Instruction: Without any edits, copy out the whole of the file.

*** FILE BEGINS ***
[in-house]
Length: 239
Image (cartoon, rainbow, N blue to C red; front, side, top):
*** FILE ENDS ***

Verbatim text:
[in-house]
Length: 239
Image (cartoon, rainbow, N blue to C red; front, side, top):